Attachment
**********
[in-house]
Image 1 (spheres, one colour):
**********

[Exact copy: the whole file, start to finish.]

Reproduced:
[in-house]
Image 1 (spheres, one colour):